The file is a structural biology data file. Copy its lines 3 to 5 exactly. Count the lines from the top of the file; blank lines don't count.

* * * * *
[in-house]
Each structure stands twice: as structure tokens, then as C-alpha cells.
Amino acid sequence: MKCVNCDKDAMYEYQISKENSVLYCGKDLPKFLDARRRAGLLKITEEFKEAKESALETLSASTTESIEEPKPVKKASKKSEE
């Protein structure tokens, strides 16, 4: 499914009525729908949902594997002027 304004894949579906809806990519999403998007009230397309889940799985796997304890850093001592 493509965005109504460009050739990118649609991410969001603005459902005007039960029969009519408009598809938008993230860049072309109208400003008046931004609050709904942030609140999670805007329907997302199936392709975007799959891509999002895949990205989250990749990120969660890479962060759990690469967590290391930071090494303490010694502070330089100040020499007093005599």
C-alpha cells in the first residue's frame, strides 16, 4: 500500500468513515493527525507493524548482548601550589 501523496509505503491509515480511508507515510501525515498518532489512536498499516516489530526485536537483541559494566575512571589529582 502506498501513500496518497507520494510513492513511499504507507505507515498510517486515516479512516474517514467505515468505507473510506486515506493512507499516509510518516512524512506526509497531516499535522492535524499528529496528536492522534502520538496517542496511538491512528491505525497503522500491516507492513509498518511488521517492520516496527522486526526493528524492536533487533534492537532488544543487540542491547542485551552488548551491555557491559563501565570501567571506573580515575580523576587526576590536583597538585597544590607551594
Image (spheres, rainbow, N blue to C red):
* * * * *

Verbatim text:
Amino acid sequence: MKCVNCDKDAMYEYQISKENSVLYCGKDLPKFLDARRRAGLLKITEEFKEAKESALETLSASTTESIEEPKPVKKASKKSEE
């Protein structure tokens, strides 16, 4: 499914009525729908949902594997002027 304004894949579906809806990519999403998007009230397309889940799985796997304890850093001592 493509965005109504460009050739990118649609991410969001603005459902005007039960029969009519408009598809938008993230860049072309109208400003008046931004609050709904942030609140999670805007329907997302199936392709975007799959891509999002895949990205989250990749990120969660890479962060759990690469967590290391930071090494303490010694502070330089100040020499007093005599």
C-alpha cells in the first residue's frame, strides 16, 4: 500500500468513515493527525507493524548482548601550589 501523496509505503491509515480511508507515510501525515498518532489512536498499516516489530526485536537483541559494566575512571589529582 502506498501513500496518497507520494510513492513511499504507507505507515498510517486515516479512516474517514467505515468505507473510506486515506493512507499516509510518516512524512506526509497531516499535522492535524499528529496528536492522534502520538496517542496511538491512528491505525497503522500491516507492513509498518511488521517492520516496527522486526526493528524492536533487533534492537532488544543487540542491547542485551552488548551491555557491559563501565570501567571506573580515575580523576587526576590536583597538585597544590607551594